Bitcoin price has fluctuated in price under warnings of further regulation, credit card bans and mining being restricting.
Bitcoin has steadily risen above $8,000 after the cryptocurrency had plummeted to a low of $5,947 earlier this week.
Experts have blamed the threat of regulation to why bitcoin has dropped from its top price of around $19,000 last December.
Speaking to Bloomberg, Agustin Carstens said there is a “strong case” for authorities to increase their regulation of cryptocurrency because of their links to the established financial system.
He called for central banks, finance ministries, tax offices and financial market regulators to police the “digital frontier” to protect the “real value” of money.
Mr Carstens said: “Bitcoin is not functional as a means of payment, but it relies on the oxygen provided by the connection to standard means of payments and trading apps that link users to conventional bank accounts.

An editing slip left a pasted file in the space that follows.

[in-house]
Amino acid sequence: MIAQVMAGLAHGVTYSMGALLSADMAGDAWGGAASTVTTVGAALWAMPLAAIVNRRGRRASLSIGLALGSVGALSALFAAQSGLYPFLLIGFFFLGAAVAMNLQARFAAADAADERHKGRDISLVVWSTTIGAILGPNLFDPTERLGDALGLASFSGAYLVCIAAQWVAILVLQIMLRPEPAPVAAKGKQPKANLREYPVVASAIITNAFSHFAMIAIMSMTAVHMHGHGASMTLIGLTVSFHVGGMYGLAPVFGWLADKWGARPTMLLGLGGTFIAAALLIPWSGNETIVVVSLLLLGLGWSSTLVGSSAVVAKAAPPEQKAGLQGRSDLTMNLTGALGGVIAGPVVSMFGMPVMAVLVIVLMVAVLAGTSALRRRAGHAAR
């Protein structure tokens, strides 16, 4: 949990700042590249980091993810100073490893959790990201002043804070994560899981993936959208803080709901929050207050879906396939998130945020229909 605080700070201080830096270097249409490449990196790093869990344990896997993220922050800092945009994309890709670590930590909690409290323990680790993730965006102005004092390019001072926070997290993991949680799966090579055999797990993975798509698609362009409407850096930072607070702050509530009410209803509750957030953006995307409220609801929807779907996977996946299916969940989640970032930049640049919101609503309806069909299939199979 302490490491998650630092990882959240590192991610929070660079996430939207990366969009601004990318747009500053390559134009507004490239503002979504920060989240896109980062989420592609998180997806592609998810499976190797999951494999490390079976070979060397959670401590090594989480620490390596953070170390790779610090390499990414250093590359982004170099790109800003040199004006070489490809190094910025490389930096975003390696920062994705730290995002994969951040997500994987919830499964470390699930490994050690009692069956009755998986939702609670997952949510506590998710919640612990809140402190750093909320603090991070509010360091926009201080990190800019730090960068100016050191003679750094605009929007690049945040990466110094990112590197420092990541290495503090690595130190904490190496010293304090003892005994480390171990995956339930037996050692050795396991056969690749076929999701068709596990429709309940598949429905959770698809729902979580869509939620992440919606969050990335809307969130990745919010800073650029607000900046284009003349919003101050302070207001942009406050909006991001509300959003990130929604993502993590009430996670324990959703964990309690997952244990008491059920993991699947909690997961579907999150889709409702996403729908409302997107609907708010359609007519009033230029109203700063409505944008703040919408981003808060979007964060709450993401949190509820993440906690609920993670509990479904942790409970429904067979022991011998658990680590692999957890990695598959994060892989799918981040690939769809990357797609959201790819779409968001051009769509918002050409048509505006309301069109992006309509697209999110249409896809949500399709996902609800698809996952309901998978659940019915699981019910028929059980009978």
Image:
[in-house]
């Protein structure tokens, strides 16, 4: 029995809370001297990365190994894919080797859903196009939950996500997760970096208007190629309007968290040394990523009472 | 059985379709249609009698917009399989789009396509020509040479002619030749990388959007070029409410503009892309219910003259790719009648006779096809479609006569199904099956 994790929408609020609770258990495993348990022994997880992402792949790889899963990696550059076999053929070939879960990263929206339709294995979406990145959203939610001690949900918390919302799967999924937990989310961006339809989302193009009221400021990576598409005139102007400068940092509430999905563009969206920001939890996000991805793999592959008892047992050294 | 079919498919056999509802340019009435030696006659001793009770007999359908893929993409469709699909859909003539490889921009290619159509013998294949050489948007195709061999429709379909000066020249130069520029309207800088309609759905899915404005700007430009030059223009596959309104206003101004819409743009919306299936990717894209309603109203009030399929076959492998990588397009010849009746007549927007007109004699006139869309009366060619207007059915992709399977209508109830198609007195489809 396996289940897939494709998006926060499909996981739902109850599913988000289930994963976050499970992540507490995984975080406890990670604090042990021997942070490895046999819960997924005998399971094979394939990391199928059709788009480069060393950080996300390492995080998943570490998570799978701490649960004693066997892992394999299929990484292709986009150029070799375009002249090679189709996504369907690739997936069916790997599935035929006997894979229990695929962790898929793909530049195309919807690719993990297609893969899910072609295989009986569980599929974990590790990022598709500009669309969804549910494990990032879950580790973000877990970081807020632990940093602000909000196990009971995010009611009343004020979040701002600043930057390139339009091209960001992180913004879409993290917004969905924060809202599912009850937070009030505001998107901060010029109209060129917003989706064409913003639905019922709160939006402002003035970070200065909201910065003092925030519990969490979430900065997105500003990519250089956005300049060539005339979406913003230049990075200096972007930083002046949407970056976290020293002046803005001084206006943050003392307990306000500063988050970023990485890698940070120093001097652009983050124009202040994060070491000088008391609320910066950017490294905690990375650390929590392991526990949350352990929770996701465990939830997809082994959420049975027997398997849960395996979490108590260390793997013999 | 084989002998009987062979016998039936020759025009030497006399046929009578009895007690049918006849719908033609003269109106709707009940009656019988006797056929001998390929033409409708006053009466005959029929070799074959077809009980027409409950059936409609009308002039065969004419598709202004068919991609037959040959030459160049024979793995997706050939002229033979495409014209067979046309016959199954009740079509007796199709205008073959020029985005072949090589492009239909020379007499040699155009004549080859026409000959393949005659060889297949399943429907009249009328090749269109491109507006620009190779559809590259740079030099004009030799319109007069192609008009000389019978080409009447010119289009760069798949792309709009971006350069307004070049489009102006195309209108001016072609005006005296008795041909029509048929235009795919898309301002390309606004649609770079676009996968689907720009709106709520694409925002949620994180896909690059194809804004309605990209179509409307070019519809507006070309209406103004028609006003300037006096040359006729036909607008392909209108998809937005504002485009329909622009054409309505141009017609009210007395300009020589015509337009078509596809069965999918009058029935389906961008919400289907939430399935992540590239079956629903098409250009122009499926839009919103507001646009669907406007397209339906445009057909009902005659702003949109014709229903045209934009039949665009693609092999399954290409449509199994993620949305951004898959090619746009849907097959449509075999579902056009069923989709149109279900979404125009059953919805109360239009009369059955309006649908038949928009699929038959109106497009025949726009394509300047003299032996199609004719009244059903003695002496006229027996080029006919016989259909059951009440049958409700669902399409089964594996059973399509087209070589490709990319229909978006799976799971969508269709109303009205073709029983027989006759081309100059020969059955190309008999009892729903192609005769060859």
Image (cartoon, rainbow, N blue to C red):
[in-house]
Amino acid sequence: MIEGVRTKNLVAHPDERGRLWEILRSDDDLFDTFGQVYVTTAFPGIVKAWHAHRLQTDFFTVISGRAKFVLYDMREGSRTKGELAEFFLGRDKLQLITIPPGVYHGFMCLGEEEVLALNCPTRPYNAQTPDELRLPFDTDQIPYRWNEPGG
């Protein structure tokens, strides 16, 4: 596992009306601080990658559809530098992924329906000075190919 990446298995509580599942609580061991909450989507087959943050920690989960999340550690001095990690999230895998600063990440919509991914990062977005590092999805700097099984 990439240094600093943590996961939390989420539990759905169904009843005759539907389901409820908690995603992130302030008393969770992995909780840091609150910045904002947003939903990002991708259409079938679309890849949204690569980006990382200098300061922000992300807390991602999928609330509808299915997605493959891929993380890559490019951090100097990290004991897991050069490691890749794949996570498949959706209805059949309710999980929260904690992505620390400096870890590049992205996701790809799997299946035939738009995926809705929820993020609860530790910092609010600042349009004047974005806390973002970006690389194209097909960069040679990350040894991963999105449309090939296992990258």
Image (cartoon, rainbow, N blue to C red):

“If the only ‘business case’ is use for illicit or illegal transitions, central banks cannot allow such token to rely on much of the same institutional infrastructure that serves the overall financial system and freeload on the trust that it provides.”
There is also a risk to the bitcoin mining process, with the question being raised about its profitability while the cost electricity is incredibly high.
Bloomberg say that if bitcoin is clocked at its 50-day moving average of $13,200, then the average miner could expect to print $80 per week in profit at current levels of computation (hash rate) and difficulty.
With the price now less than half of that, it is safe to assume that some miners are now losing money.
However, Aleksei Antonov, CFO of SONM says that the idea that miners could just down tools and leave the space is not likely.
He said: “Bitcoin mining is also a market itself. As soon as Bitcoin mining becomes unprofitable, some miners will stop mining it.
“The total Hashrate decreases and for all the miners that remain, mining becomes a little more profitable.
“If Bitcoin costs $10, there will be very few miners, but those miners will take the entire reward for the calculated block.
“To summarise, there is no situation when mining becomes unprofitable for everyone at all.”